There are constant reports of difficulties in getting healthcare reimbursements from the UNHCR and its “implementing” organizations. Refugees from Burma report difficulty in accessing help from a Delhi “refugee clinic,” and report deaths in their community from lack of medicine. Dozens of refugee children have had to drop out of Indian public schools because of lack of money for school fees and uniforms. Church schools have taken in some refugee children, but others are going without education.
Most refugees from Burma reportedly have Residence Permits from the Indian government, but not work permits, making legal employment difficult. The UNHCR has suggested that they seek employment in the “informal sector” (illegal employment.) But the main problem is the lack of any employment niche that the Burma refugees can fill in Delhi. The educated refugees face the reality that there are always plenty of educated, English-speaking Indians to fill any position; the refugees who were farmers understand that there are always enough impoverished Indians willing to do any task or chore.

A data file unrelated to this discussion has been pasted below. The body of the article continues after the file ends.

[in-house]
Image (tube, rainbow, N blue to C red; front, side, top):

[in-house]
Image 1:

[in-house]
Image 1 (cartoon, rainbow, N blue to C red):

UNHCR training programs in computers and language skills are viewed as unrealistic, long term oriented when short term survival needs are unmet, and not addressing the problem of competing for jobs with Indians. Even other refugees, such as those from Afghanistan and Bhutan, seem to have a better chance at fitting into Indian society and the demands of urban life, than do the Chins and other Burma refugees in Delhi.
To make matters worse, the Burma refugees for the most part don’t “look Indian” (in the non-Northeast India sense) and thus stand out in their slum communities as targets for harassment and violence. Refugees have been beaten and murdered by criminals in Delhi, and refugee women have been victims of sexual assault in the slum neighborhoods. The few refugees who have found employment, for instance as security guards, have often been swindled out of their pay by employers.